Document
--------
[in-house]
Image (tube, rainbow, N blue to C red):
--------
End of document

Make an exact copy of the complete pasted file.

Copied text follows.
[in-house]
Image (tube, rainbow, N blue to C red):